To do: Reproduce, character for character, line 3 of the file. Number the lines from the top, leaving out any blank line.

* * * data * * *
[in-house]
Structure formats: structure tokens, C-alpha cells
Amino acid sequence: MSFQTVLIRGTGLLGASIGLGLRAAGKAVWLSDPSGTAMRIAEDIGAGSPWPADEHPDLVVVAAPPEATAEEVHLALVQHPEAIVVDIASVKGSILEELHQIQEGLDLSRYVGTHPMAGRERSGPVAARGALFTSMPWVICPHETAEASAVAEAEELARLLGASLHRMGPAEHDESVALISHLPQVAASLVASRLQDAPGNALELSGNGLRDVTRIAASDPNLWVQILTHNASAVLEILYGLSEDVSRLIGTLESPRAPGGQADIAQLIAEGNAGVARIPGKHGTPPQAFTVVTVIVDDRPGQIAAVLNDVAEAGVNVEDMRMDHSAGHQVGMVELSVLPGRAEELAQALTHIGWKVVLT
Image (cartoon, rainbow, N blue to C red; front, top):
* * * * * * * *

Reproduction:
Amino acid sequence: MSFQTVLIRGTGLLGASIGLGLRAAGKAVWLSDPSGTAMRIAEDIGAGSPWPADEHPDLVVVAAPPEATAEEVHLALVQHPEAIVVDIASVKGSILEELHQIQEGLDLSRYVGTHPMAGRERSGPVAARGALFTSMPWVICPHETAEASAVAEAEELARLLGASLHRMGPAEHDESVALISHLPQVAASLVASRLQDAPGNALELSGNGLRDVTRIAASDPNLWVQILTHNASAVLEILYGLSEDVSRLIGTLESPRAPGGQADIAQLIAEGNAGVARIPGKHGTPPQAFTVVTVIVDDRPGQIAAVLNDVAEAGVNVEDMRMDHSAGHQVGMVELSVLPGRAEELAQALTHIGWKVVLT